This is a world profoundly out of balance. As Greens we know that’s true in terms of our economy, operating for the one per cent not the 99 per cent, and our environment, which we are trashing while creating a miserable society.
But there are few areas where this is clearer than in the food system. When we think about the term ‘malnutrition’, the historical thought has been of hunger and starvation – and still nearly a billion people around the world regularly go to bed hungry.
But the World Health Organisation (WHO) is increasingly focusing on a different form of malnutrition: the consumption of excessive calories, demonstrated by the 1.5 billion people worldwide who are overweight (of whom 500 billion are obese). Many people are taking in more energy than they need – although quite possibly that’s because their bodies and minds are hungry for other things, from micronutrients to security, which their diets and lives are not delivering.
That’s not surprising when you look at the current nature of our food system.
It is well known, certainly to Greens, that we have to stop feeding grains and protein sources to animals, for reasons of food security, as well as the many issues arising from factory farming – animal welfare, nitrogen pollution, the spread of antibiotic resistance and climate change. This is food waste, something even Tories will tell you they want to reduce.
But what’s yet to really rise up our agenda – and it should – is how we reform the food system so that it produces the food we really need. The technical term for the food-growing side of this is ‘nutrition-sensitive agriculture’ – an approach to agriculture that focuses on making nutritionally rich, diverse and sustainable foods accessible to everyone.
Currently, if we think about why most farming takes place – what its primary product is – the answer is money. Farmers are in hock to banks for high-cost land, in debt to multinational seed and agrichemical companies, caught in a system that all too often forces them to ‘get big or get out’.
That’s not the choice of farmers. It is how the whole system is designed. Behind that is a post-WWII focus on producing calories.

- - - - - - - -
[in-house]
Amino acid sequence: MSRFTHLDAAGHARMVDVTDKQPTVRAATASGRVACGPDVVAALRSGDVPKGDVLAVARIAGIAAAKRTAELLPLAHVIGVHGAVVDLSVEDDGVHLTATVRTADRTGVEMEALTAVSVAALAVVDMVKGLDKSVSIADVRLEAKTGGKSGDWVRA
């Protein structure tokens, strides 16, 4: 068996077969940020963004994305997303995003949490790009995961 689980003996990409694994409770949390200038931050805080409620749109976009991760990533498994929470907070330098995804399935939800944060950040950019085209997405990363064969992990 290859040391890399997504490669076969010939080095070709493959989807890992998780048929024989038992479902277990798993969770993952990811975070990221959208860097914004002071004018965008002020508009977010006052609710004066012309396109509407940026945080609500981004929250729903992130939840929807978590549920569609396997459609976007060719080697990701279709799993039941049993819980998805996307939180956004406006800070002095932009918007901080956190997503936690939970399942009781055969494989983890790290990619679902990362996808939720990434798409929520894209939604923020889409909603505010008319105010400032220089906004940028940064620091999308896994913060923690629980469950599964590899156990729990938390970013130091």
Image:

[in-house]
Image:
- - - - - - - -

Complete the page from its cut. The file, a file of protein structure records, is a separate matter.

Output is chiefly judged in these terms, even though industrial agriculture (including plant-based growing) has reached an astonishingly inefficient place, with up to 10 calories going into putting one calorie on your plate. (By contrast, a century ago, it was three calories out for each calorie in.)
Those plate calories now come from an extremely narrow range of sources – more than 50 per cent of them from four plants (wheat, rice, maize and soya), with a huge bulk from a tiny range of varieties. That’s not only incredibly dangerous in terms of food security – a single disease or pest that these plants can’t resist could wreak havoc – but also extremely bad for our health.
As we come to understand the importance of our microbiome (the microbes inside our bodies whose cells far outnumber our own), we’re increasingly understanding that a diverse diet is crucial to maintaining it, as well as to securing the full range of nutrients that we need.
What we need are more vegetables and fruit, lots more. The WHO says that for a healthy diet, the world needs to produce about double the quantities of fruit and vegetables it does now, and less grain and oils – a lot less if we stop feeding them to animals.
“More food!” I hear some cry, “but where will we find the land to grow it?” We know we need to ‘rewild’ some of our current denuded countryside to prevent further collapse of our desperately nature-deprived land. We know that the UK is even worse than the global average when it comes to production, with 40 per cent of our fruit and vegetables imported, so we need to nearly quadruple production to get to healthy, self-sufficient levels.
Well, here’s where the good news comes in. There are case studies across Europe of how organic systems can produce huge quantities of food from very small spaces, replacing extensive chemical and energy inputs with human labour and skill. The book Miraculous Abundance is a great English-language source of information on this.
That’s not just great food, but also huge economic opportunities – good, skilled jobs, the chance for thousands of small businesses and cooperatives, food produced locally with very short supply chains boosting food security in an uncertain world.
Demanding changes to the food system is one way that we can start to crack apart the entire system.
But of course our current food system isn’t just growers. Between us and the growers there is a whole network of manufacturers producing processed foods, alongside the supermarkets that sell the vast majority of the food consumed at home in the UK.
They’re set up for big mass production, not small-scale local distribution. And they chiefly promote the highly processed, often high-calorie but low nutrient foods with the highest profit margins. Let’s call it what it is: junk food.
Moreover, in the time-poor UK, where we work the second-longest hours in Europe, while commuting for twice as long on average, it is hard for households to find the time and energy to prepare meals from scratch – that’s not an approach that is often promoted, in the adverts that assault us from every side for pop, crisps, alcohol and highly manufactured junk.
More than just a broken food system, we have a broken society and economy. But demanding changes to the food system is one way that we can start to crack apart the entire system.
Demanding healthy, fresh, local food that truly feeds us sounds like a relatively small ask in light of the changes we need in the world, but it is potentially a revolutionary one.
Natalie Bennett is a former leader of the Green Party, and a graduate in agricultural science